(Source: Acton PowerBlog): On Friday, representatives from the Orthodox and Roman Catholic churches, including His Holiness Kirill, Patriarch of Moscow and all Rus and Metropolitan Josef Michalik, President of the Polish Bishops’ Conference, signed a joint message committing to further work toward reconciliation between the Russian and Polish peoples and between the two churches.
Anticipating this historic occasion, Metropolitan Hilarion of Volokolamsk, head of the Moscow Patriarchate’s Department of External Church Relations, said,
The stand taken by the Russian Orthodox Church and the Roman Catholic Church in Poland on topical issues of today, such as individual morality and social ethics, bioethics, ethics of scientific research and some others, are very close, which makes it possible for the two Churches to develop cooperation, bearing joint witness to the Christian tradition in Europe. I would say the contemporary situation, which European countries have found themselves as a result of secularization, turns this opportunity into urgent necessity.
The Vatican Insider reports that the ceremony
took place in the Royal Castle in Warsaw under the eyes of an official delegation of the Russian Orthodox Church that arrived in Poland … with Kirill. Among prominent figures of the Catholic Church attending the event stood out the cardinal archbishop of Krakow, Stanislaw Dziwisz, who used to be John Paul II’ s personal secretary and the Apostolic Nuncio in Warsaw, Mgr. Celestino Migliore. There were also many members of the Polish government, intellectuals and renowned people of culture. The atmosphere was charged with emotion.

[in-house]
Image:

The statement itself calls Russians and Poles, Orthodox and Roman Catholic, to seek forgiveness from one another, saying,
We urge our faithful to ask forgiveness for the wrongs inflicted on each other, injustice and every evil. We believe that this is the first and most important step to rebuild mutual trust, without which [there can be] no lasting human community, no genuine reconciliation.
Commenting on the joint statement, His Holiness Kirill said,
In the Joint Message we testify that sin is the cause of every division including divisions between our two nations. This simple idea should not be just understood but experienced by all those who seek to overcome the sinful strife of this world. Regrettably, in our relations with those around us we search for the guilty ones [i.e. to point blame], which only aggravates misunderstanding and distrust. The Christian tradition has accumulated an age-old experience of holiness which lies in the rejection of sin and in seeking the grace of the Holy Spirit. It is not always that one has enough faith to believe it is possible to live without rendering evil for evil and to find strength to see one’s own shortcoming and to forgive others.
The joint statement expresses hope that this will be an important step away from historic hostility, offering an inheritance of peace to future generations that promotes true cooperation and reconciliation without requiring people to forsake or forget their own national and ecclesial history: “We want to teach young people the love of God, man, and the fatherland and attach it to the spirit of Christian culture, the fruit of which will [be] respect, tolerance and justice.”
Such statements are a welcome step in the right direction for those who pray for all Christians, with Christ himself, “that they may be one” (John 17:11). Let us hope that such important work will continue unimpeded by the circumstances of history and our tragic legacies of sin and division, “to live without rendering evil for evil and to find strength to see one’s own shortcoming and to forgive others” in the spirit of the Gospel call of repentance and hope.